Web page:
Announcements, Finance, Politics

Our Winter 2022 Issue

On behalf of the Stanford Economic Review Editorial Board, we are honored to present the tenth volume, winter issue, of Stanford University’s undergraduate economics journal. The 2021-2022 academic year has been a transformative time for our publication: We changed our name to the Stanford Economic Review, launched the commentaries section, expanded our team of writers… Continue reading Our Winter 2022 Issue


Exciting News for 2021-22 and Beyond – Our Name has Changed!

For almost a decade, Comparative Advantage has published incredible research papers from undergraduate students across the globe, serving as a medium to amplify the voices of some of the world’s brightest minds. Starting this year, we are attempting to broaden our publication’s impact by venturing into new territory: the realm of commentaries.  Especially in the… Continue reading Exciting News for 2021-22 and Beyond – Our Name has Changed!


COMMENTARY: Contextualizing the Stanford Nursing Strike

Nicolas Garcia, Stanford University -- The story of how negotiations between Stanford Hospital and the Committee for Recognition of Nursing Achievement (CRONA), the union representing registered nurses (RNs) at Stanford, broke down is documented in both news reports and press releases. However, the role that the nursing supply in California played in shaping the strike deserves closer examination.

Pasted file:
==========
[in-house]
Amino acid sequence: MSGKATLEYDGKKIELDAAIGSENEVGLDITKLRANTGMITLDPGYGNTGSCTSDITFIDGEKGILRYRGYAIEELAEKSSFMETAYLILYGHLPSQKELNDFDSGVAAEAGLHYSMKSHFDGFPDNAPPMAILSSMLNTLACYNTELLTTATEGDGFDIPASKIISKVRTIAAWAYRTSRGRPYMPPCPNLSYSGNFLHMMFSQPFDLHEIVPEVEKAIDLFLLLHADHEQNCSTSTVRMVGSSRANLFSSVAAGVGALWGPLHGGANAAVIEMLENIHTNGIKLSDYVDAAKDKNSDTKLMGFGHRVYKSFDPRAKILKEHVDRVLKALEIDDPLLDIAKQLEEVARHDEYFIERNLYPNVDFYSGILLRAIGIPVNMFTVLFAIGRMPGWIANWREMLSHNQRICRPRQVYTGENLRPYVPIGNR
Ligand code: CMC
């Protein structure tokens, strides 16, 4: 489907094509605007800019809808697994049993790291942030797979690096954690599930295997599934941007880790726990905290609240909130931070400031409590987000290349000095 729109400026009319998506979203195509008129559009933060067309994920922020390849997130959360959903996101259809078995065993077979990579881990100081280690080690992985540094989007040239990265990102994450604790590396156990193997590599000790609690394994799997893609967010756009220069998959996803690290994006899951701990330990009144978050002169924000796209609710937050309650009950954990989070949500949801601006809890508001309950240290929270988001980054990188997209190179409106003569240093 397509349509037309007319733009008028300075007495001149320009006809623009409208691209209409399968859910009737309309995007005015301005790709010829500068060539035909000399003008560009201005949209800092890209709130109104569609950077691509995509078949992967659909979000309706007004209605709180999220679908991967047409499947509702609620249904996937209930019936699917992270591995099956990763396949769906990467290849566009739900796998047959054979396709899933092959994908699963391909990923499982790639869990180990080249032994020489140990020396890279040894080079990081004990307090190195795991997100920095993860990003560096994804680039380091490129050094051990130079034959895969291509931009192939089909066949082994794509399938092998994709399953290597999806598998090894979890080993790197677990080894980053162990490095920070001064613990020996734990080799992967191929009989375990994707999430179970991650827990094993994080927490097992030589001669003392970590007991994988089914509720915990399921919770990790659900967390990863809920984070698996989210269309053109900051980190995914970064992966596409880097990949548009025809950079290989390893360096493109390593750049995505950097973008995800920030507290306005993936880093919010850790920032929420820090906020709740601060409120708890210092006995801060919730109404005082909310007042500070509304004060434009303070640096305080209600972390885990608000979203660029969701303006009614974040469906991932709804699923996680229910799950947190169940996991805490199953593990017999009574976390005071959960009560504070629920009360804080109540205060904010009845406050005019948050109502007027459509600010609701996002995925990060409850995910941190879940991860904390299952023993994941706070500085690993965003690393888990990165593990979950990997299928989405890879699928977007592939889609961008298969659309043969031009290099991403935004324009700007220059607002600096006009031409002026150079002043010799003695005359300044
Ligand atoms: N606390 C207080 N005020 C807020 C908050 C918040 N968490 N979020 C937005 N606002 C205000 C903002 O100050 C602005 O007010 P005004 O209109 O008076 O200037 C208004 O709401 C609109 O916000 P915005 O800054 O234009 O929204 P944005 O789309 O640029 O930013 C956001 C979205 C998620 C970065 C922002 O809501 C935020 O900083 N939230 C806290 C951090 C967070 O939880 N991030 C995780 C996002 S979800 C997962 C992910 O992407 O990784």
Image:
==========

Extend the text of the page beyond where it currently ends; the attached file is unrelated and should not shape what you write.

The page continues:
COMMENTARY: Predicting COVID-19’s Long-Term Effects Using Past Pandemics

Azmaeen Zarif, University of Cambridge -- Despite vaccine successes, the end of the COVID-19 pandemic remains unclear. While strict public health measures alongside lower fatality rates for the younger population may have mitigated the impacts on potential output in the long-term, issues such as the deskilling and demoralization of unemployed workers and delayed bankruptcies following the eventual withdrawal of governmental support, risk potential deep and persistent economic scarring. Past pandemics may hold the key to predicting the long-term economic effects of COVID-19.


COMMENTARY: Climate Change and the Pacific Small Island Developing States

Irina Didenko and Jennifer Zhang, New York University -- As climate change continues to wreak havoc worldwide, the international community has become increasingly concerned for the environmental and economic future of less developed countries (LDCs), which face acute difficulty enduring and recovering from climate disasters due to their poor infrastructure, weak governance, and low level of human capital. One group of LDCs, in particular, requires special attention, as their unique geographic characteristics make them especially vulnerable to climate change shocks: the Pacific Small Island Developing States (PSIDS).